Surgery for the rotten heart of the Internet?

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Today was the deadline for comment on the ICANN consultation  on the Initial Report on Fast Flux Hosting. This is the "technology" used by spammers, phishers, botnet herders, denial of service extortionists and cyberwarfare practioners around the world. It also has some, but not that many and decreasing, legitimate uses. ICANN meets in London next week to discuss what comes next.  

The report is surprisingly easy to read although I recommend you begin with the orginal statement of the problem, then read the comments and then read the report - some of which is disingenuous in the extreme.

The reality is that a significant part of the "Internet establishment" has no wish to take action. The current situation is far too profitable for too many players, including the suppliers of reactive security  (e-sticking plaster and e-immodium ) as well as those actively engaged in malpractive and cyberwarfare on both sides of the Oceans: Pacific and Atlantic.

However time has run out. On Tuesday I attended the the UK Internet Governance Forum report back from the IGF meeting in Hyderabad.

Unless ICANN has shown, by the time of the next Internet Governance Forum meeting, in Egypt, that it can take a lead in helping ensure effective action, then the way will be clear for the ITU to do it for them, backed by Governments, Victims, Law Enforcement Agencies et al around the world.

I also think it highly unlikely that the US Government will even try to stop them.

The abuse of Fast Flux is now costing business, including Telcos and legitimate ISPs, far too much.

That will be a great pity, because the result will almost certainly be second best, if it works at all ...

I joined ISOC back in 1995 after a presentation where I was told that, provided the Atlanta Olympics (the first big civilian commercial test bed) worked, we faced a rush to re-engineer the Internet and the comms structure which carries it, before they collapsed under overload as the commercial and consumer markets took off.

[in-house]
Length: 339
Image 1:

But the three big challenges were security, security and security.

I was told that ISOC (The Internet Society) had problems but would eventually grow into the self-governing body that the Internet needed in order to head off state control.

The achievements since then have been incredible - but the glacial progress in addressing the situation than enables fast flux and the excuses for not doing so, indicate an inexcusable institutional failure at the heart of Internet Governance.

ISOC failed and was succeeded by the Internet Governance Forum. Next week will see whether ICANN recognises the scale of the threat to its existance and is capable of taking action.

If not ....    

P.S. Added 14/2/2009: My attention has just been drawn to the ICANN press release on their co-operation with Microsoft disrupt the Conflicker Worm. Perhaps the next couple of days will be rather more productive than I had feared. I glad to respond to suggestion that I make clear that the main change needed is to do with the behaviour of those in the domain name registration supply chain. Once again "its the wetware stupid": the people processes and motivations rather than the "mere" technology. I should also say that I got my dates wrong. I c elbrated Valentines Day on Thursday when the Restaurants were less full. The deadline for inputs to the ICANN consultation is the 15th

 

 

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I am wondering why an ISP couldn't just examine DNS reply packets, and redirect (or even drop) anything that has a sufficiently short TTL. Why do we need to wait for the standards organizations to have all of these damned meetings and discuss this to death.

If enough ISPs blocked short TTL DNS replies, the botnets would be cut off from oxygen, and the bot herders would be forced out more into the open.

I wish I would be allowed to demonstrate just how bad fast/flux is...

I can see how fast/flux works in real time, and this can be demonstrated using LIVE data, on REAL web sites NOW....

This technology combined with falsified domain registration, random re-registration, or using deleted/blocked/expired/frozen/banned or otherwise "do not use" domains on a regular basis, is rapidly spreading fraud on the internet.

A day does not go by where I do not get a call from someone who accidently fell for one of these scams, and had to have their computer reloaded due to this ongoing rampant problem.

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This page contains a single entry by Philip Virgo published on February 13, 2009 6:55 PM.

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